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Asthma & Allergies - What to look out for in your home

In this blog we will look at the impact of allergies on asthma, common allergens in and around your home and what you can do to minimise their effect on your asthma.

What is Asthma?

Asthma is a respiratory condition that affects the airways, making it difficult to breathe. Sometimes these airways can constrict or develop a build up of mucous, which narrow the airway making it hard to breath in or out. Over 2.5 million people in Australia have asthma and it is more common in families who have allergies. Symptoms can include coughing, wheezing, chest tightness and shortness of breath and can range from being quite mild to requiring hospitalisation.

What are allergies?

Around 2 in 5 people in Australia suffer from allergies. Allergies are a type of immune response where the body reacts abnormally to a substance that is usually harmless.

How do allergies affect asthma?

Allergies can worsen asthma symptoms by triggering an asthma attack. The asthma attack is usually caused by the body’s reaction to the allergen. This can lead to chest tightness, difficulty breathing and coughing.

What are the most common allergens inside the home that impact asthma?

The most common allergens that can impact asthma are pollen, dust mites, pet dander and mould.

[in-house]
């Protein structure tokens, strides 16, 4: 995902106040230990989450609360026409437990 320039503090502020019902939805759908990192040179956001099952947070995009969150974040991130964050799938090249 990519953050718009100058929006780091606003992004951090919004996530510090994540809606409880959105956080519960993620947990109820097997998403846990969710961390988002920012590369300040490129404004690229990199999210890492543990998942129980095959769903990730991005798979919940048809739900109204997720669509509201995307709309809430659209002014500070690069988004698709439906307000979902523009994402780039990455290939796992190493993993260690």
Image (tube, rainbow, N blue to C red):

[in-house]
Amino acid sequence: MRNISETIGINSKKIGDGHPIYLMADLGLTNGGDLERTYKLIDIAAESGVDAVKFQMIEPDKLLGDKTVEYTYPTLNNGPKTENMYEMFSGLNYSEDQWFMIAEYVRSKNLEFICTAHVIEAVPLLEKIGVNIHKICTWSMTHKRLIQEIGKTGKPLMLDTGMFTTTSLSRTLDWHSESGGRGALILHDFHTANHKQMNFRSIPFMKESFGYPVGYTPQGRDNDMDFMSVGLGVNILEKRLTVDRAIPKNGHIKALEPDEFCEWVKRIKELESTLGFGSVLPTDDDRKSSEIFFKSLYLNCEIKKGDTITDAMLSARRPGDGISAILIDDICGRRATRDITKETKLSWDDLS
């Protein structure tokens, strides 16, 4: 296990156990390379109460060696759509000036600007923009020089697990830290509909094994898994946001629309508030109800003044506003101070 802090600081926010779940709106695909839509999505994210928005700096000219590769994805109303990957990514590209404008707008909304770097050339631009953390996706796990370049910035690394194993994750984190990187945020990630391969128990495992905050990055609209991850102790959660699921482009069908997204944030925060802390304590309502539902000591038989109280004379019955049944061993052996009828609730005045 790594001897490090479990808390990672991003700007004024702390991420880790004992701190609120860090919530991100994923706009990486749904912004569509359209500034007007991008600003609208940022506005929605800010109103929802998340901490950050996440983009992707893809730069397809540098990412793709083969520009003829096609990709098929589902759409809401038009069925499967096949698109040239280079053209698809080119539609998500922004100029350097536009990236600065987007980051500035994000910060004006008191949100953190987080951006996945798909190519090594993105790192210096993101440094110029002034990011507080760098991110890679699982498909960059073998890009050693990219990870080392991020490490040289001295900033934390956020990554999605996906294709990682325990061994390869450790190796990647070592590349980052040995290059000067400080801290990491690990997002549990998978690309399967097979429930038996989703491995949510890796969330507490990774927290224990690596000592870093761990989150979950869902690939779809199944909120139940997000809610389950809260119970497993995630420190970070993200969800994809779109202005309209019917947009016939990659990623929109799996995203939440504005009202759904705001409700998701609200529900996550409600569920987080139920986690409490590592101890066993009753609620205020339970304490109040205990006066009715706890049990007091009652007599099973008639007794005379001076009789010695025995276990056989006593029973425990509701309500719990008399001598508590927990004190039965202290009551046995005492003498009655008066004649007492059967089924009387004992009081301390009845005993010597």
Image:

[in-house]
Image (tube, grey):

What are the most common allergens in the garden that can impact asthma?

The most common allergens in the garden that can impact asthma are wind-pollinated plants, trees, flowers, weeds and grasses.

Deciduous trees (trees that lose their leaves in the winter) often release pollen just before they start to regain their leaves.

What can I do to reduce the impact of allergies on asthma?

There are a few things you can do to reduce the impact of allergies on asthma. These include:

  • Avoidance of allergens: try to avoid contact with the allergens that trigger your asthma symptoms.
  • Removing wind-pollinated plants: While it is hard to control the plants in neighbouring yards, removing these wind-pollinated plants from your back yard may help to reduce airborne pollen. Talk to your local nursery about choosing low pollen plants for inside or around your home.
  • Use of a nasal spray: if you are allergic to pollen, using a nasal spray can help to reduce the amount of pollen that enters your body
  • Taking medication: asthma medication can help to control asthma symptoms and reduce the risk of an asthma attack
  • Keeping your home clean: keeping your home clean can help to reduce the amount of dust mites, pet hair and mould in your environment. It is advised to ensure that your vacuum has a high level of filtration to ensure that minute dust particles are not released into the air as you clean.
  • Keeping an asthma attack diary – Keeping a diary of your asthma attacks is helpful to track where you were and what was in your environment at the time of your attack.

In summary

Asthma can be a very serious condition if not well managed. While asthma is not often cured, if you are experiencing frequent asthma attacks, it is important to see your GP regularly to ensure that an adequate treatment plan can be put in place.


If you have any further questions, or feel that you or your loved ones need medical support, please do not hesitate to contact us 07 5531 3205.

Stay safe and healthy!

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